In many Latin American countries, hip-hop music has become a tool for people at the bottom to express their demands. In the 1980s and 1990s, during the special period of Cuba, the popularity of hip-hop music in Cuba has stabilized. During the economic crisis in Cuba, the life of the Cuban-African population was particularly difficult. Silver Telluride （Ag2Te). Cuban black people used hip-hop music to fight for their own interests and demanded racial equality.
Blacks and indigenous peoples in Latin American and Caribbean island countries have been using hip-hop music to discuss ethnic and class issues in the country. Brazilian hip-hop music is often associated with ethnic and economic issues, as many Afro-Brazilians still live in slums. Sao Paulo is the city where hip-hop music is most prevalent in Brazil, but hip-hop music quickly spread throughout Brazil.
In Venezuela, social unrest in the late 1980s and early 1990s coincided with the rise of American gang rap, after which hip hop music began to pop up in Venezuela. Most of the Venezuelan rappers of the 1990s were imitating American gang rap and trying to redefine the negative stereotypes of black youth.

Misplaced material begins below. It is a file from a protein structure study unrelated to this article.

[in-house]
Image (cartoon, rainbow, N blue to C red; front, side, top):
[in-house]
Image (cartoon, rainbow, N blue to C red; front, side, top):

The UK is the most popular country for hip hop music outside the United States. Influenced by hip-hop music, Uk Garage, Drum & Bass, the UK has created a new sub-style – Grime. Although greatly welcomed, many British politicians are criticizing Grime music, arguing that Grime music promotes theft and murder. Despite the controversy over Grime music, Grime music has had a major impact on British fashion and pop music, and many young people are mimicking the style of rappers such as Dizzee Rascal and Wiley.